High corn prices have high environmental costsPosted: June 18, 2012
I’ve posted before about farmers pushing the edges of the fields outward and planting in areas not fit for row crops. The Gazette had a good piece this past weekend about the amount of land that farmers are taking out of the Conservation Reserve Program in order to cash in on the high prices for corn. This program pays farmers a per acre “rent” in exchange for having them plant beneficial cover crops–this has a huge environmental impact from providing wildlife habitat to helping create buffers to prevent soil and fertilizer run off. Sadly, the amount that the USDA pays per acre is not keeping up with what farmers can get from switching back to growing corn.
High cost of land, crops taking bite out of conservation acres by Orlan Love in the Cedar Rapids Gazette Jun. 17, 2012
In Iowa, expiring CRP contracts exceeded renewals and new program entries by more than 76,000 acres.
With CRP contracts on more than 175,000 acres expiring this year, Iowa landowners submitted offers of 105,000 acres, with contracts accepted on 99,684 acres.
That translates to a loss of over forty percent of the farmland that was set aside as part of this valuable program. Of course given that there are over 30 million acres of farmland in Iowa, either number is just a drop in the bucket. However, given the complete artificiality of Iowa’s landscape, any bit of protected land helps!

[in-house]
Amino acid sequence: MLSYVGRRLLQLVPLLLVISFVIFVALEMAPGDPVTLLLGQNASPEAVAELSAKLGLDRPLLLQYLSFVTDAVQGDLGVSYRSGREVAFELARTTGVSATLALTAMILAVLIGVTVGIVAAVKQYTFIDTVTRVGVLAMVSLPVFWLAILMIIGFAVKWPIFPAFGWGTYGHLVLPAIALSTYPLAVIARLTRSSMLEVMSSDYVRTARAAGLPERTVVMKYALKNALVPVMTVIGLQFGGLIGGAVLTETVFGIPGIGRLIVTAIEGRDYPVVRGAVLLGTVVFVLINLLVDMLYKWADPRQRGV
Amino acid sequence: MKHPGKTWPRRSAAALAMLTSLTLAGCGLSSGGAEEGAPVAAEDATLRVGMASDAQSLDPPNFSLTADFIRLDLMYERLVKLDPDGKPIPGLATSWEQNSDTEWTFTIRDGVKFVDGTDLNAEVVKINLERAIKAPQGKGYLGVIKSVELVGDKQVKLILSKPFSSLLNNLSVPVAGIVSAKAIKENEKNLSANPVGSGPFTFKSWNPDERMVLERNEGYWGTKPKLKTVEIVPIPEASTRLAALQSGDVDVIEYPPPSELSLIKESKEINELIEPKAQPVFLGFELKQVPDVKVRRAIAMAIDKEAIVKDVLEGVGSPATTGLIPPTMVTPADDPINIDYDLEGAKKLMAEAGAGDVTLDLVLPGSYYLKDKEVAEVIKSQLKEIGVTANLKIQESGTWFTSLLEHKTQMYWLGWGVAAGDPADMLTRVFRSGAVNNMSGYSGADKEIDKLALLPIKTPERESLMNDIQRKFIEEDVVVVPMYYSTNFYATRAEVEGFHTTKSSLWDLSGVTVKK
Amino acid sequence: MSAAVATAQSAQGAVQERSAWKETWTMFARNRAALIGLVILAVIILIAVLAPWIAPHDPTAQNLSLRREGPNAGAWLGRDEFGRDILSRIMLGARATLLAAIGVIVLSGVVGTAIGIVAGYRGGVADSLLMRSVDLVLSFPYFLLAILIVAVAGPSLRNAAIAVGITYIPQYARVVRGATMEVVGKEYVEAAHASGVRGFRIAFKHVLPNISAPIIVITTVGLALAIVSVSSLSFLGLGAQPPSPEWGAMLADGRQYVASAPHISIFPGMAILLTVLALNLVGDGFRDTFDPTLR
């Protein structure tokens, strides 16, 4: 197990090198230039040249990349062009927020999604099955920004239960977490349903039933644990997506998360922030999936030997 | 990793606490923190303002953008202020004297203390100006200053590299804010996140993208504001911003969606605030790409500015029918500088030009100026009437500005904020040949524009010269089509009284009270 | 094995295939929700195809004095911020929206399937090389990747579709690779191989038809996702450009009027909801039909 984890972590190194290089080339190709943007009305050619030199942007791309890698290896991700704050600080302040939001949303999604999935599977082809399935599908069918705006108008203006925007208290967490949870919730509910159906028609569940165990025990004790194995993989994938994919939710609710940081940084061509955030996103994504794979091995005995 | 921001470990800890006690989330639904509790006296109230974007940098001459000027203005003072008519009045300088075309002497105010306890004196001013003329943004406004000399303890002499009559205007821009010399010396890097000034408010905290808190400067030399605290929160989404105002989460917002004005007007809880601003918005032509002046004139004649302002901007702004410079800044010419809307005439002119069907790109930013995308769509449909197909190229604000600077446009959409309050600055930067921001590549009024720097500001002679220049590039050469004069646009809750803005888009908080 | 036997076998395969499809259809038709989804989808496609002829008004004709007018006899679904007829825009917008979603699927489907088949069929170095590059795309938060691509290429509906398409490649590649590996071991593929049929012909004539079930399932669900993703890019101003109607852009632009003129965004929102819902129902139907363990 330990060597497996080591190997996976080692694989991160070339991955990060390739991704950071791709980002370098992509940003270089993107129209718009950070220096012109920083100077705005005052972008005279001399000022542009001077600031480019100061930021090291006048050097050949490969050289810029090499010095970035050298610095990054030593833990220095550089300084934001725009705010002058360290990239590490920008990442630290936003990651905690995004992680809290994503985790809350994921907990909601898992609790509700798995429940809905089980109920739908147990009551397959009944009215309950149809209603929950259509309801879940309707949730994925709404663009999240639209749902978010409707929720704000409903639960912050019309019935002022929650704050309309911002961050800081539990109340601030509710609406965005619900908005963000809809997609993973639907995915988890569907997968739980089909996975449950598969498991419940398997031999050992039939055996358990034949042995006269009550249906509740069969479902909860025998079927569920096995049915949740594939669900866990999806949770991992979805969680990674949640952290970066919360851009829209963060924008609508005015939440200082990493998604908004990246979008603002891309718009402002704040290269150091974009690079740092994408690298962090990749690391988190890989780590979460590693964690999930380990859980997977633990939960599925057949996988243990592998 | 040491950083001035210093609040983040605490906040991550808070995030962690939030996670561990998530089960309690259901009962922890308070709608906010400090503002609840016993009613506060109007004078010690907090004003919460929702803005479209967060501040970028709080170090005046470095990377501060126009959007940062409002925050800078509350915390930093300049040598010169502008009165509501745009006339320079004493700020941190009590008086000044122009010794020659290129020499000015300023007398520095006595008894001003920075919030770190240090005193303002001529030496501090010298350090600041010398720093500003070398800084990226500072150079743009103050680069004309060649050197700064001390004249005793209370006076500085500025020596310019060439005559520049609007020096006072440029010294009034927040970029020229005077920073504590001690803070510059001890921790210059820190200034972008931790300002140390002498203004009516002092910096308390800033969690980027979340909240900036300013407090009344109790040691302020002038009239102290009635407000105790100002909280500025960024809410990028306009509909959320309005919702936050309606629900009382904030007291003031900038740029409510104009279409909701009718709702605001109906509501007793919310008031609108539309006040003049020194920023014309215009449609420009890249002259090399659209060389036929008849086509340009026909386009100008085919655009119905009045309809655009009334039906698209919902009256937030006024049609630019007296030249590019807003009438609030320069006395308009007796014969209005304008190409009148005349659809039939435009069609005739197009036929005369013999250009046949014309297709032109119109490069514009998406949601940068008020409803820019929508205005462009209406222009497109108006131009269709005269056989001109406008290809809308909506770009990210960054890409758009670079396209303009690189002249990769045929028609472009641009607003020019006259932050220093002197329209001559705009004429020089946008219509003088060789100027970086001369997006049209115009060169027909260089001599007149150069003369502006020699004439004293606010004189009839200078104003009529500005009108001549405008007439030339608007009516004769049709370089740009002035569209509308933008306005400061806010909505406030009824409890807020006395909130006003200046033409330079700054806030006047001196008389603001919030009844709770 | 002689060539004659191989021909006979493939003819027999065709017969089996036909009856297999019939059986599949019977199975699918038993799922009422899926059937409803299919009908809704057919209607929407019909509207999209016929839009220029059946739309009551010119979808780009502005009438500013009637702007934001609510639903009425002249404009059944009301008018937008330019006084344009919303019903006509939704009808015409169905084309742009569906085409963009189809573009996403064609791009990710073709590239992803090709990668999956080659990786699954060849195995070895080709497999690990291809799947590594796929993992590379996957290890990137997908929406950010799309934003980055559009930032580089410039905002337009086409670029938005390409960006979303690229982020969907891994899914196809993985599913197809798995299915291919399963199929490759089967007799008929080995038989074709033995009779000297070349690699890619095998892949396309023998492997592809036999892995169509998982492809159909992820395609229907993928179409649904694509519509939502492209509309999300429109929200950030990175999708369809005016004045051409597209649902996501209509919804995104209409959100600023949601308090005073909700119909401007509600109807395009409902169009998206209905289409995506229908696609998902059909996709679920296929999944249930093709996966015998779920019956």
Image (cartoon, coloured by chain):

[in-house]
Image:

This problem is not limited to just Iowa:
States in the pheasant belt, which happens to coincide with the grain belt, lost nearly 2 million CRP acres at the conclusion of the recent signup.
Five states with annual pheasant harvests typically larger than Iowa’s — North Dakota, South Dakota, Minnesota, Kansas and Nebraska — lost a combined 1.2 million acres of CRP.
And things likely won’t get better anytime soon, as the current draft of the Farm Bill continues the erosion of the CRP:
While the corn rush is squeezing CRP acreage, so, too, are federal budget constraints. A new farm bill working its way through the Senate would reduce the CRP acreage cap from 32 million to 30 million next year, with further reductions to 25 million acres by 2017.
There’s lots of areas of concern in the current Farm Bill, chief among them a proposed system of crop insurance that will encourage farmers to continue the recent trend to put increasingly marginal land into production. Much, much more on the Farm Bill at the Iowa Environmental Council’s blog.